Ownership of Work

All work completed by employees as part of their employment will be considered property of the district. The District will own any and all rights to such work including any and all derivative works, unless there is a written agreement to the contrary.

All work completed by students as part of the regular instructional program is owned by the student as soon as it is created, unless such work is created while the student is acting as an employee of the school system or unless such work has been paid for under a written agreement with the school system. If under an agreement with the district, the work will be considered the property of the District. Staff members must obtain a student’s permission prior to distributing his/her work to parties outside the school.

Network Security and Privacy

Network Security

Passwords are the first level of security for a user account. System logins and accounts are to be used only by the authorized owner of the account for authorized district purposes. Students and staff are responsible for all activity on their account and must not share their account password.

The following procedures are designed to safeguard network user accounts:

A. Change passwords according to district policy;

B. Do not use another user’s account;

C. Do not insert passwords into e-mail or other communications;

D. If you write down your user account password, keep it in a secure location;

E. Do not store passwords in a file without encryption;

F. Do not use the “remember password” feature of Internet browsers; and

G. Lock the screen or log off if leaving the computer.

Student Data is Confidential

District staff must maintain the confidentiality of student data in accordance with the Family Educational Rights and Privacy Act (FERPA).

No Expectation of Privacy

The district provides the network system, e-mail and Internet access as a tool for education and

research in support of the district’s mission. The district reserves the right to monitor, inspect,

copy, review and store without prior notice information about the content and usage of:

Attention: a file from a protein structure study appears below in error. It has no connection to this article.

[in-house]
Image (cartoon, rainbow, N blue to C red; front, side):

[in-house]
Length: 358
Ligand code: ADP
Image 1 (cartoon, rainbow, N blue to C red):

A. The network;

B. User files and disk space utilization;

C. User applications and bandwidth utilization;

D. User document files, folders and electronic communications;

E. E-mail;

F. Internet access; and

G. Any and all information transmitted or received in connection with network and e-mail use.

No student or staff user should have any expectation of privacy when using the district’s network. The district reserves the right to disclose any electronic messages to law enforcement officials or third parties as appropriate. All documents are subject to the public records disclosure laws of the State of Washington.

Archive and Backup

Backup is made of all district e-mail correspondence for purposes of public disclosure and disaster recovery. Barring power outage or intermittent technical issues, staff and student files are backed up on district servers regularly. Refer to the district retention policy for specific records retention requirements.

Disciplinary Action

All users of the district’s electronic resources are required to comply with the district’s policy and procedures (and agree to abide by the provisions set forth in the district’s user agreement). Violation of any of the conditions of use explained in the (district’s user agreement), Electronic Resources policy or in these procedures could be cause for disciplinary action, including suspension or expulsion from school and suspension or revocation of network and computer access privileges.